Only one week from now, the doors opens to the much-anticipated Paris Motor Show revealing the next crop of vehicles slated for introduction to various world markets. Roughly 6,000 miles away in a small Canadian city named Barrie, the new generation of automotive sales and marketing personnel is receiving lessons on promoting the latest crop of motoring innovation.
Expected to possess intuition, attentiveness as well as the dedicated knowledge of their chosen brand’s product, Georgian College devoted a large part of their institution schooling students in the automotive business. Adding legitimacy to a profession which has been affiliated with a fair share of unethical characters, students within the Canadian Automotive Institute (CAI) are given the annual Georgian College Auto Show as the showcase of their acquired knowledge from business and marketing programs. Operating as brand representatives for many of the major automotive brands of North America, the duties of the Georgian College CAI students droves deeper into the entire workings of each show meaning they are practically the driving force of this three-day event. Celebrating it’s 25th anniversary, the 2010 Georgian College Auto Show had these college students in charge of at least 100 brand new vehicles.
As an observer of an auto show with a $7 admission, you’ll enjoy a hassle-free, sales-free environment offering a chance to sample a new car, truck or SUV/crossover without the fear it might end at a office desk looking over a car loan or lease agreement. An admittedly small exhibition, the Georgian College Auto Show does provide a detailed representations of current and future automotive trends. The 2010 edition of the auto show had a collection of new releases to the automotive marketplace including the new Nissan Juke, the 2011 Honda Odyssey, the redesigned BMW 5-Series sedan and the 2011 Chevrolet Cruze.
In a massive Ford display, three Ford Fiestas, several Super Duty pick up, a 2011 Ford Edge, and a 2011 Ford Shelby GT500 offered one of the most exciting interactions of this 2010 show. All vehicles but the Shelby GT500 were open for visitors to sit in and touch throughout the weekend. Providing an interesting cross-section of the buying attitudes of modern motorists, an equal amount of attention by attendees centered on the new Fiestas as well as on the brand new, rethought 2011 Ford Explorer.
Toyota also had a bullish effort at the 2010 Georgian Auto Show showing off their just recently introduced (and most recently profiled on Automoblog.net) 2011 Toyota Highlanders in both gas or hybrid form. Brought to Canada this year, Toyota’s youth-based brand Scion made their first appearance at this auto show. Unveiling their cars to the Barrie area, the cars looked fantastic but the brand representatives of Scion had a less than ideal placement of their vehicles. Raining days prior to the show, campus’ grass field was downright soggy in areas with the Scion tent setup on muddy turf for Friday. As the show must go on, a few of the vehicles were over wooden boards so the brand’s four-car display could make the Georgian College Auto Show debut.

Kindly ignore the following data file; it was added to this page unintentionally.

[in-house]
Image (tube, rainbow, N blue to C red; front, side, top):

The Georgian College Auto Show has not been shielded from the troubles of the automotive industry. Because of the bankruptcy filing in 2009, Chrysler didn’t even have a display at last year’s show. In past auto shows Chrysler was known for bringing a concept vehicles showing the future the company wanted to once create for itself. Reemerging this year under the partnership with Fiat, the Chrysler Group returned to the 2010 auto show. Back in a big way, crowds loved the Dodge Challenger and the 2011 Jeep Grand Cherokee highlighting the work of Chrysler.
Though some amazing vehicles were present at this year’s Georgian College Auto Show, the vehicle crop is not as incredibly ripe as in previous years. While Ford brought their A-game as did Toyota, BMW and Mercedes-Benz tents were missing representatives of their high-performance tuner divisions. Without an AMG or an M line vehicle, the sensation in the German automaker displays did not radiate the passion of the car makers.
In my first Georgian College Auto Show I attended in 1997, a Toyota Prius when hybrid technology was little more than a pricey gimmick (for some, the attitude towards hybrids have not . In 2008 Kia, who wasn’t even present at this year’s Georgian Auto Show, brought their Soul to the inspection of Canadian buyers ahead of its debut at the Los Angeles Auto Show. Last year, two versions of the Mazda2 appeared before the Japanese auto company gave the greenlight to the vehicle’s sale in North America. As an automotive journalist, I was hoping to see more from the 2010 show products. But as an automotive enthusiast seeking a free-reign experience to sample a wide-selection of vehicle badges, this year’s Georgian College Auto Show was an excellent exploration.
Already mentioning the event as a hassle-free outing, the Georgian College Auto Show is more than just the figurative kicking of tires. Car care clinics, a Kids Zone and the Pfaff Porsche Autocross Track were all set up for a full weekend of automotive-related excitement.
With all the preparation placed into the event, the last ingredient of an outdoor auto show was weather. Occurring on the next week of September, the skilled student volunteers of the 2010 Georgian College Auto Show could not do anything to fight the unsettled weather which involved extreme heat on Friday and windy, cool conditions on the Saturday and Sunday. While the next batch of students will get a helping hand as the show is being moved to June in 2011, the ambassadors for this year’s show and automotive brands assembled a fantastic event to usher in the fall.
Information source: Georgian College
Photo source: Chris Nagy